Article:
Day 2 – Galapagos Islands
Today I get up and have an amazing buffet breakfast on the boat. Great food and then we are off to a beach area for more snorkeling. The water out here is so blue and clear.
My favorite bird of the day was the albatross. The albatross is not only beautiful and fun to watch, but they also have very interesting lives. The Albatross is originally from Antartica. They resemble the penguin with their long yellow beaks. Every April, the albatrosses fly from Antarctica to The Island of Española (only to this particular island) to mate. Even after they make little albatrosses, the adult albatross partners court each other by playing and partaking in beak fights, which is much like a sword fight, only with beaks.
The albatross keeps the same mate for life. However, these mates only recognize each other in the Galápagos. I guess in Antartica the male albatrosses hang out with the guys and fish all day while the female albatross relaxes and goes shopping at the Mall of Antartica. Maybe this is why the albatross mates stay together for life. Anyways, back to the albatross in Galápagos… in December, the little albatross chicks at five months of age are finally ready to make the big flight back to Antartica. So, the albatrosses make this long journey back to Antartica, promising to return to Española the following April.
We made a wet landing on to this beautiful Island (meaning we take a small boat called a panga to the beach where we have to get out of the boat and walk a little in the water) as the day was just beginning.
The sea was a beautiful color blue and you could see clear down to the bottom. When we arrived on the beach we woke up the lazy sea lions. There were many of them laying on the beach, acknowledging our presence, but not too concerned about our arrival. In fact, they let us get very close to them. Hernand told me that the Spanish name for sea lions is lobos marinos (sea wolves) because sea lions are really like dogs; for instance, they do not roar, they bark. The bull especially can bark. The bull sea lion is the protector of the other female and children sea lions. He too let us pass, until we seemed to invade on his territory, and then he began to bark and come towards us. We had to clap in order to keep the bull away from us.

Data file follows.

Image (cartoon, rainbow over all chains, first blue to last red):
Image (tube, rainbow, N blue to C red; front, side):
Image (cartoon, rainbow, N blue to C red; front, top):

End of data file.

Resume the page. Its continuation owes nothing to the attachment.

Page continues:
We also saw our first marine iguanas. The marine iguanas only exist on the Galápagos Islands. Some of them were quite colorful, sporting some red and aqua blue. Hernand explained that the male iguanas start looking pretty fine around mating time. Although, I am not sure why this matters since the males just have their way with the females when they are ready to mate. The iguanas are very territorial (like the bull) and they shake their head to notify all other marine iguanas that this is their spot. After this visit to paradise, we went for a short little snorkel, and received an introduction us to the underwater world of the Galápagos Islands.
The snorkeling here is totally amazing, there is so much to see under the water and I could stay here forever. The sea lions, sting rays, the many schools of fish, this is one place everyone has to go to.
After this we venture back to the boat for dinner.
Dinner tonight is again totally amazing. I head to bed early this evening. As I find I am almost stuck on the deck with Miss Overly Talkative Betty, So to escape her talking I go to bed. Cheers
Off for another night and Day 3 tomorrow.